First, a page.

lists  /  announce  owl-users  owl-dev  john-users  john-dev  passwdqc-users  yescrypt  popa3d-users  /  oss-security  kernel-hardening  musl  sabotage  tlsify  passwords  /  crypt-dev  xvendor  /  Bugtraq  Full-Disclosure  linux-kernel  linux-netdev  linux-ext4  PHC 
Open Source and information security mailing list archives
Hash Suite: Windows password security audit tool. GUI, reports in PDF.
[<prev] [next>] [<thread-prev] [day] [month] [year] [list]
Date: Wed, 18 Feb 2004 22:07:46 +0200
From: shimi <>
To: Gadi Evron <>
Subject: Re: OT: reports of a Trojan horse in the Arrow project

Since the second I read the article about that in the newspaper, I've 
failed to understand how is something like a code developed at any 
country (be it egypt, japan, russia etc), can be at a risk of a specific 
system more than a code that wasn't. I have no idea how this system 
works, nor anything about it, except for what was written in the article 
that you gave the URL to. I mean, we're talking about Motif. I assume 
that we're talking on the well known Motif, right? The thing that is 
part of window-programming under X. How do you know that X has no 
trojans? After all, it wasn't written by your government. So wasn't the 
operating system. So wasn't the C library. You can ask your question 
about *any piece of code* involved in running *any* important system on 
earth, might it be USA's nuclear warheads, a 100-billion worth of a 
trade-secret, or anything else that simply can't stand the tought of 
having a trojan implanted in it.

The only way to make sure that a code does not have any trojans, is to 
read all of it. That's hard to do, because in a modern system you'll 
have billions of billions of lines of code to read! So many things are 
related to so many things, and you really have to read them all, because 
if your program contains 600mb of source code after the linkage, and one 
of the functions is using an insecure in-memory copying function, then 
you could be totally vulnerable (on the other hand, it might just crash 
the program...)

This is the point where they invented the.... Open Source.

If all your source is open to you, and preferrably, open to you and to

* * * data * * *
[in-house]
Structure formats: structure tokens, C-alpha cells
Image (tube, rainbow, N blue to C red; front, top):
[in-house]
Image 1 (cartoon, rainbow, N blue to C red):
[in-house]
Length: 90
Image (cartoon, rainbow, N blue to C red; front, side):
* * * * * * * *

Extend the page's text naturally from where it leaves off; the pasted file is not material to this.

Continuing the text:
hundreds of thousands of people worldwide, and they are all digging in 
it, trying to find where programmers did the Bad Things, then your code 
will be more secure, and, trojans *will* be found. Especially for really 
old projects, that have been went other lots of times during the years, 
like XFree and the Linux Kernel, for instance.

So, as long as governments do the smart thing, and base their critical 
stuff on code that is heavily tested by thousands of thousands of people 
worldwide, I think we're going towards a more secure world. Of course 
that nothing is perfect, but, bug that someone found *by mistake* is far 
more dangerous than a bug that will be found by anyone who searches for 
it inside the source code.

The article you brought mentions that now the source code will be 
audited to make sure there are no trojans in it. Great Open-Source 
thinking. The only thing that shocked me in that declaration is... 
weren't they supposed to audit that code ANYWAYS, regardless of who 
developed the RTL support for Motif? You were already smart not to use 
Windows, which will never be really open, even with Microsoft's "Open 
Source Initiative" - you have to continue and make sure that your code 
is clean.

my 2$ :)

Gadi Evron wrote:

> The Arrow is a counter-ballistic missiles project run by Israel.
> There have been reports the past couple of days about a Trojan horse 
> in the code, inserted by Egypt. As one of the Israelis on the list I 
> feel obligated to provide with some facts. It's an interesting story 
> in any case.
> You can find the Hebrew URL at: 
> I am willing to translate it if anyone is really interested.
> Here are some facts:
> Some MOTIF code that was done by IBM Israel was being debugged in the 
> Cairo (Egypt) office. The IDF has not commented on this and IBM claims 
> that no restricted code was shared.
> Some reports claim Egypt inserted a Trojan horse into that code, I've 
> seen no facts that verify that, so I doubt it for now. I'll post more 
> information as it becomes available.
> That's all there is to it as far as facts go right now. Some code was 
> being debugged in the Egypt office and that's about it. This fact 
> raises the concern for such a Trojan horse existing, but there is a 
> long way to go from such concerns to actual facts.
> It is clearly a security fluke on Israel's side that such a 
> relationship, on any level, existed, but no biggie.
> What Trojan horse? Talk about hype. I'll see if I can find out some 
> more facts.
> This comes to show once again how security is not only about firewalls 
> and IDS systems. Controlling who has access to what and how 
> information is managed is just as if not more important.
>     Gadi Evron.

Full-Disclosure - We believe in it.

Powered by blists - more mailing lists